Community solar has reached the tipping point. Let’s push it over.

By Richard Caperton, VP, Policy and Market Development
on January 27, 2023

This article was originally published digitally to Real Clear Policy on September 21, 2022.

Our nation is on the verge of the first clean energy revolution that is fully accessible to everyone in the country. With the newly passed Inflation Reduction Act (IRA), the U.S. Department of Energy setting a goal of having 5 million households participating in community solar by 2025 and the governor of California signing Assembly Bill 2316 — which will dramatically expand access to community solar in the world’s fifth largest economy — the industry has reached the tipping point.

To push it over the edge, states need to remove the barriers slowing the growth of the community solar market so this industry can reach its full potential.

A decade ago, if you wanted to make the switch to renewable energy at home, you’d most likely be out of luck. Solar panels and battery storage were too expensive to make it feasible for most homeowners. If you didn’t own your own home, you had no option.

Fast forward 10 years and community solar is offering millions of Americans the option to choose clean energy. Our industry’s capacity has nearly doubled each year since 2010.

This month, my company, Arcadia, became the first community solar provider with more than 1 GW of residential capacity under management. To put that figure into perspective, 1 GW is equivalent to 150,000 households and enough power to prevent more than 1 billion pounds of coal from being burned each year.

This is a huge deal, and not just for our company. Other companies are close to reaching this milestone, too — something that we applaud. It shows the potential growth for the entire industry.

Community solar is the most accessible, most affordable, and perhaps the easiest “last mile” for consumers to power their homes and businesses with clean energy.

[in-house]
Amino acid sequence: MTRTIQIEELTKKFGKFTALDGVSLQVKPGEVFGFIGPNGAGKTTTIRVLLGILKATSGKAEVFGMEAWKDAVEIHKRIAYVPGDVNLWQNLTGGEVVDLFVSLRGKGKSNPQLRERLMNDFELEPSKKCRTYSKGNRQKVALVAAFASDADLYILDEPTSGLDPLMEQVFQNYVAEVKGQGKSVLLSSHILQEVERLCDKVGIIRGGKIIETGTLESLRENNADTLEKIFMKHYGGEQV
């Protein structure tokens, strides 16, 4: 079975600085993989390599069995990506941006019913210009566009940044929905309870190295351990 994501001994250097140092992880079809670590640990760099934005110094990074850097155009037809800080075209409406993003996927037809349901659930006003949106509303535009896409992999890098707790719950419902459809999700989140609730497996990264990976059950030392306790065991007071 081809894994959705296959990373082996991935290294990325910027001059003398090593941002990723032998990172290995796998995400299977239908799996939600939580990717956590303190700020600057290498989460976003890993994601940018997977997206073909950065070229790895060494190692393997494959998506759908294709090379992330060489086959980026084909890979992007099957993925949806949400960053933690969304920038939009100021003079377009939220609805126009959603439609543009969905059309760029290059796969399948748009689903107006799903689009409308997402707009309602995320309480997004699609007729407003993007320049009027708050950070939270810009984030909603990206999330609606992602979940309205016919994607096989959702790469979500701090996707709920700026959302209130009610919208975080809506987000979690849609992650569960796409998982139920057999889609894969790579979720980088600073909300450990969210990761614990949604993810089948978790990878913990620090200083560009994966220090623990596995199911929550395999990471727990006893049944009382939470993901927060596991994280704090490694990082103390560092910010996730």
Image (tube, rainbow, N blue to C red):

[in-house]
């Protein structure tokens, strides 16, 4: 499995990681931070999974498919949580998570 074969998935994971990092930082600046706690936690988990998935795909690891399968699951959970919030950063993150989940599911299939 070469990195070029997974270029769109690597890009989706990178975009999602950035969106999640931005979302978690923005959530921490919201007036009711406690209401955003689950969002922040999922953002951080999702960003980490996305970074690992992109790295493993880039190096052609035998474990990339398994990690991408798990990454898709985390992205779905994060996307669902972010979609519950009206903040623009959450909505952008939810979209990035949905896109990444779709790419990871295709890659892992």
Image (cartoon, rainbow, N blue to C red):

It is also the most equitable option. For the two-thirds of families who don’t own a home, don’t have a stellar credit score, or have a roof that simply faces the wrong direction for rooftop solar panels, community solar is a way to still get the benefits of solar power without a construction project on their roof.

Recent efforts at the federal level can take community solar to a new level. Last year, the Department of Energy announced a goal of having the equivalent of 5 million households taking part in community solar by 2025 — growing participation by 700 percent in the next four years.

The IRA is a major step in making that goal a reality. It includes a 10-year extension of the investment tax credit (ITC) for community and rooftop solar. This will be a huge incentive for developers.

Even more important, the IRA adds specific new incentives for smaller scale (less than 5 MW capacity) solar projects that are placed in service in low-income communities or that benefit low-income households. This, as well as other policies that target a 5MW threshold within the IRA effectively creates the first federal community solar tax policy. Community solar is on the map!

The main factors limiting the solar market today are restrictive state policies.

Some states have created programs that allow community solar, but charge subscribers so-called “minimum bill” fees that are so high they all but eliminate the savings community solar provides to consumers. Some, like Colorado, put arbitrary statewide caps on the amount of electricity produced by community solar programs. Others bastardize the intent of competitive community solar by limiting ownership to utilities, eliminating the value proposition for consumers.

Where the market has been allowed to flourish, demand quickly outstrips availability. Consider New York, where lawmakers have put solar projects ahead of schedule by using state funds to provide financial incentives for developers. New York is now figuring out how to accommodate significant growth in the market. Meanwhile, New Jersey just ratcheted up the size of its program to exceed 1 GW in five years, and Maryland just expanded its community solar program.

Now, with AB 2316 in California, the 5th largest economy in the world is opening up to community solar, and its market will have the support of strong federal policies.

The message is clear: Now is the time for state legislatures to do their part in expanding the community solar market. Either increase capacity in existing programs or allow new solar programs in their state, so consumers nationwide can enjoy the economic benefits of solar while helping to create a cleaner, local power supply.